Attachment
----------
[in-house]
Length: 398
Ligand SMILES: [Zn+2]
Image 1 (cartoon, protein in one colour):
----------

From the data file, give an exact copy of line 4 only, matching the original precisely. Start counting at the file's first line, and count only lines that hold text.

Image 1 (cartoon, protein in one colour):